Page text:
Constituent Lobbying and its Impact on the Development of Financial Reporting Regulations: Evidence from Germany
Accounting, Organizations, and Society, Vol. 25, No. 1, January 2000
Posted: 15 Feb 2000
This paper examines the impact of constituent lobbying activity on accounting regulators during the transformation of the Fourth European Company Law Directive into German accounting law. While the evolution of accounting rules is an issue of international importance, extant research is characterised by its focus on the U.S. and similar financial reporting regimes. This paper, on the other hand, documents empirical evidence within a fundamentally different regulatory regime where, until this year?s changes in Germany, the legislator assumed primary responsibility for accounting rule-development. Using detailed published commentaries prepared by representative organisations and relating to draft accounting legislation, we identify the preferences of the three primary German constituencies in this context (preparers, auditors, and academia). Their relative influence is assessed by examining the extent to which the constituents? stated preferences are ultimately reflected in law. Despite substantial differences in the organisational structure of the rule-making system at the time, the results display similarities to those reported previously for the standard-setting process in the English-speaking countries in that no single lobbyist, or coalition of lobbyists, is shown to dominate the rule-development process. Thus, while the main effect models indicate that preparers exerted the greatest influence on the decisions of the German legislature, when the empirical model is extended to include all two-way interaction effects, the influence of the preparer group is shown to be much lower and crucially dependent on the support of at least one of the remaining lobby groups.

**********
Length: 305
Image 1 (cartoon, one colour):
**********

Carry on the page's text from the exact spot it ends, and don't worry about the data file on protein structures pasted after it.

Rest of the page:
Note: This is a description of the paper and not the actual abstract.
JEL Classification: M41, M44, L50, K22
Suggested Citation: Suggested Citation